hoodwink.d enhanced


Rails BetaBook Hits the Spot #

by why in inspect

Now that I’ve had a chance to go through the Rails BetaBook, I thought some of you might want a review of what’s inside. Of course, I don’t need to tell you that the book is a treat. I’m sure you know what Dave Thomas and DHH are capable of. And considering the scarcity of Ruby literature available, I’m sure you’ll have your own copy in short order. (Indications being what they are.)

The BetaBook itself is rather fascinating. Littered throughout the margins are editorial notes about changes which are foreseen in the final edition, including possible changes to Rails itself. I get the feeling that Dave is trying to solicit feedback from the reader, to get you to eyeball the topic closely, to get you searching for omissions and unanswered questions. Considering the beta readers’ familiarity with the Rails API at this point, I’ll bet this pays off big. (See how desperately Premshree wants one?)

The book is largely divided into two parts. An introductory Rails tutorial (a la Rolling with Ruby on Rails) occupies the first hundred pages while a verbose explanation of all the sundry Rails components fills the last three-hundred pages. This is all flanked by a sizeable introduction and terrifically handy appendices, including a very sly fifteen page Ruby crash course, focusing specifically on idioms common in Rails applications.

The tutorial follows creation of a shopping cart. While it isn’t an immediate jumpstart like Rolling, the tutorial covers a lot of ground, such as sketching a page flow or keeping sessions. The cart’s database model grows throughout the tutorial, demanding expression of relationships and validation of input. The testing section of the tutorial is the most elaborate section, comprising forty pages of scenarios with accompanying fixtures.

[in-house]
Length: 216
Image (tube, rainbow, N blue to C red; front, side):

The component sections explore the capabilities of Active Record, the Action Pack, the Prototype library, as well as security and deployment. All of this is along the lines of the introductions you’ve seen in Rails API docs (such as the opening of the ActionController::Base documentation), but with the addition of diagrams and notes from experience.

Now, I’m sure you can live without the Rails book, given the material available in tutorials, videos, and blogs. But Dave has done the work piecing together the vast sea of snippets into something cohesive. And, of course, you get Dave’s over-arching paradigms alongside a lot of these fragments.

Just keep in mind that you aren’t dropping money for a reference book. It’s not the PickAxe, which picked up Ruby and shook it for everything it had. Agile Web Development with Rails is a guided tour along the tracks which wind over the hills and through the countryside of Ruby on Rails, frequently stopping to hand you the binoculars and break down the mythology behind a modern technological marvel.

said on 01 Jun 2005 at 12:35

In your opinion, would someone like me—who is fairly proficient in Ruby, but has almost no experience with Web applications programming—benefit from this book? Knowing who the authors are, I know that it’s going to be a well-written book; I’m just a little unclear on whether I’m part of the intended audience.

said on 01 Jun 2005 at 12:44

On an unrelated side note, I’m noticing that the name text box that appears to the left of the comments box is reporting the wrong date until I actually submit the comment. For example, right now, as I’m typing this, the text that appears under the text box reads “said on 03 June 2005…” instead of “said on 01 June 2005…”.

said on 01 Jun 2005 at 12:44

Yes, absolutely. Your practices for developing a web app aren’t in place yet. So, if you’re interested in seeing practical examples of Dave’s development process, then it’s worth getting.

This book has a pretty big target audience (developers of any walk who want to learn Rails), but I’d say folks like you will benefit the most. You’re already familiar with Ruby (which the book doesn’t really cover) and you’re ready to start working on the web afresh. I’d think the book’ll help you brainstorm approaches and get cozy with why and how rails works.

said on 01 Jun 2005 at 15:01

Thanks. It was almost an academic question, seeing as I’m such a fan of Dave’s writing anyways and I know that I’m bound to learn something whenever I read one of his books. But it’s good to get the confirmation that this book probably makes sense for me.

said on 02 Jun 2005 at 08:18

Gavri’s got his. I guess I should steal it from him… wait, I don’t know if he’s got the print one.

Heck, I guess I’ll get mine. With all the shipping it’s gonna cost me a lot, though. Well.

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